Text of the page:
Political Risk For The Party In Power

The old adage, "Be careful what you wish for," is never more true than in politics. The political party out of power always wants to gain control, but being in control has major political risks. Politicians want control for their political parties, feeling that control will offer them the privileges of power. These perceived privileges include: more powerful leadership positions; controlling the political agenda; control of committees and sub-committees; higher budgets; and "pork" projects for their constituents; among other things. In their fervor for control, they ignore certain political realities, or convince themselves that the past election results in favor of their party was due to certain factors, when the reality might very well be otherwise.

The Democratic Party enjoyed a near landslide election result in November 2008, not only electing the President, but gaining sizable majorities in both houses of Congress. The margin in the Senate, when one counted in the two Independent Senators (from Vermont and Connecticut), who generally vote with the Democrats, actually secured the magic super-majority of 60, which, if voted as a bloc, created a filibuster- proof majority. In their fervor and celebration of the results of the election, Democrats began believing their own campaign slogan, and falsely interpreting the results to mean that Americans voted for "Change," when a more accurate analysis would probably be that the American electorate had enough of the Bush- Cheney Republicans.

President Obama began his Presidency with a near record popularity and approval rating, which has dramatically dropped in a year. When the economy worsened and joblessness increased, many Americans perceived that the President and his party's agenda was further to the "left" than most Americans desired. While most Americans wanted their government to make the economy and, specifically, joblessness, the number one priority, it was perceived that too much time was spent on a health insurance plan that polls indicate the majority of Americans disapprove of. While the candidate Obama portrayed himself as the peace candidate, and promised to get out of Guantanamo, etc., President Obama's policies often dramatically conflicted with those promises.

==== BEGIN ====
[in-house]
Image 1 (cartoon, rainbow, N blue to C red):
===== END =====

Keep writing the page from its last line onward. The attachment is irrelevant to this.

There's an old political adage, "It's the economy, stupid." President Obama and the Democratic Party did not sufficiently heed this advice, and the mid-term elections in November 2010, found Democrats on the outside once again in the House of Representatives, and the margin in the Senate reduced dramatically. Americans predominantly blame incumbents, and specifically, those in power, when things are going badly. Republicans are now rejoicing about the Republican victory in the Massachusetts Senate race, the New Jersey Gubernatorial race, and their dramatic victories in the mid-term elections, etc. Republicans had better be careful what they wish for, because if they don't have a workable plan that is palatable to the American public, their rejoicing will likewise turn to regret.

The lesson politicians should learn is that, in the long run, we have had enough rhetoric and empty, unworkable, un-doable promises. When politicians become statesman instead of just "empty suits," both they and the American public will benefit!


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